FOUR bidders for Hearts were today stepping up their efforts to gain control after the club signalled their intention to appoint administrators.
Foundation of Hearts are heavily involved, however the Evening News can reveal two Edinburgh businessmen plus a consortium in London and one in the US are considering offers for the stricken Edinburgh club.
Stephen Paterson and Fraser Kerr, of accountancy firm Haines Watts, are the newest potential investors to emerge. They are understood to be conducting their own due diligence on Hearts’ finances and believe they can turn the club around if given preferred bidder status by administrators. Both men are experienced financial experts and Kerr is part of the Hearts Youth Development Committee.
Foundation of Hearts have been in discussions with groups in London and the United States and a possible joint bid involving the Foundation and one or more investor will be considered if it is in Hearts’ best interests.
Hearts sources confirmed today that they have not received any bids for control as yet. The Foundation offered £450,000 last November, whilst the former Livingston owner Angelo Massone had a £4.5 million offer rejected. The club faces an anxious wait to learn whether they can appoint KPMG as administrators, with Ukio Bankas administrators set to challenge the matter in court.
Papers lodged by Hearts officials at Edinburgh’s Court of Session yesterday named KPMG’s Blair Nimmo and Tony Fryer as nominated administrators. However, Valnetas UAB, administrators of Ukio, want their own people in charge of the process. That could potentially lead to a scenario where Tynecastle Stadium is sold off to recoup some of the £15m Hearts owe Ukio.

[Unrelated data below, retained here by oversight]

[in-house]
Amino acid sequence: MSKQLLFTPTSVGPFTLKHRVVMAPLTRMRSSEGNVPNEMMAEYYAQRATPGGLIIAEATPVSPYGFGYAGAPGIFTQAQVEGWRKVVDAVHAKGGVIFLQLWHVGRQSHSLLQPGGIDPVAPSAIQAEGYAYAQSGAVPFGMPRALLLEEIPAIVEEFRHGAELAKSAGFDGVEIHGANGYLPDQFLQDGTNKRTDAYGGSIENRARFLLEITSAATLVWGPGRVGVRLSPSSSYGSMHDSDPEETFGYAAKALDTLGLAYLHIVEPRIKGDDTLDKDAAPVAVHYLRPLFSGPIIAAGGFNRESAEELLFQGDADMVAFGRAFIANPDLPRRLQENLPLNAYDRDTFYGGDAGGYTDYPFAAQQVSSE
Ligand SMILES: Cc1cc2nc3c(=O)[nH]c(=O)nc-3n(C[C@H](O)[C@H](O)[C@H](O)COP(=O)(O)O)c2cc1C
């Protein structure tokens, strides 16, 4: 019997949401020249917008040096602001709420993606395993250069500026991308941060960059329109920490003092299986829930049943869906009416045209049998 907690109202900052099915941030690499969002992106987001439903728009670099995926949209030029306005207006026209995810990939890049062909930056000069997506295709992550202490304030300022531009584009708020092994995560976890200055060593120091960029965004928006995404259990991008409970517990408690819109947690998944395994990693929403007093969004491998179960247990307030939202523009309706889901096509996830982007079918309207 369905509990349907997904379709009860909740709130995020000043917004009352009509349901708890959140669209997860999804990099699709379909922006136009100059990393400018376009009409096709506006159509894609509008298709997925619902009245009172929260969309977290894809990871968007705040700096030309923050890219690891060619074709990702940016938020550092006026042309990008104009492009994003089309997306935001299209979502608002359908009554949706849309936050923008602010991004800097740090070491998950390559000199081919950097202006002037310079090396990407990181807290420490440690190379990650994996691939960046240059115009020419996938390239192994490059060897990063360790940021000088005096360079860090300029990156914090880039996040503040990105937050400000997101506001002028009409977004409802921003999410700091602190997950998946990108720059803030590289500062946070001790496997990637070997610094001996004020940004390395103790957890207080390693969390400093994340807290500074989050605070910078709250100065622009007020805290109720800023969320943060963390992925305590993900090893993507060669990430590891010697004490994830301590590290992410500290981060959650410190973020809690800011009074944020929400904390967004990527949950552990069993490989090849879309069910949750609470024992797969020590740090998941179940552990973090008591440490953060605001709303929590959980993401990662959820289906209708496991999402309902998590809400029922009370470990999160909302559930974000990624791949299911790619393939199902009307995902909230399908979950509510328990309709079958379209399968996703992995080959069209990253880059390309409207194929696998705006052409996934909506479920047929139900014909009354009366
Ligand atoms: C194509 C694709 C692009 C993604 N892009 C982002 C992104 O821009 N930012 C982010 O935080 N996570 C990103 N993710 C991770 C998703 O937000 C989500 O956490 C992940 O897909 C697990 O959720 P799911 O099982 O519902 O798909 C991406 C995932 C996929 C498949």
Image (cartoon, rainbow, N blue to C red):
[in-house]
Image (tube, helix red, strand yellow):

If KPMG are appointed they would be obliged to look after the best interests of Hearts, but as Hearts’ major creditors Ukio administrators could force their own appointment, who would then be duty-bound to serve them alone.
Hearts were today praying that the court appoints KPMG as quickly as possible.
One source admitted the sitation is “high-risk” due to the potential for Tynecastle to be sold off. If that situation arose, Foundation of Hearts would almost certainly attempt to secure the ground on the club’s behalf.
“If it becomes a property deal, I would hope somebody, even Foundation of Hearts, would buy the stadium as part of the ongoing rebirth of the club,” said the Foundation’s independed chair, Ian Murray, today.
“Rules are rules. This process started because directors of Hearts decided the club can no longer meet their liabilites. KPMG’s name is on the papers submitted to courts but that can be challenged.
“It can be challenged by Hearts’ major creditor, which is Ukio Bankas, and they’re entitled to appoint their own administrator.
“They are going to have to appoint someone local. I think rules are that they can’t use someone who has administered or liquidated a club in the last 12 months, so that rules out big companies involved at Dunfermline and Rangers. There aren’t many left.
“Tynecastle could be sold off but hopefully, if that happened, it would go to someone who wanted to play football there.
“The whole planning issues around Tynecastle are quite complicated. We saw that with the application to build a new main stand some time ago. There are problems with the proximity of flammable liquids and ethanol from the nearby distillery.
“It’s not an easy property deal to do.”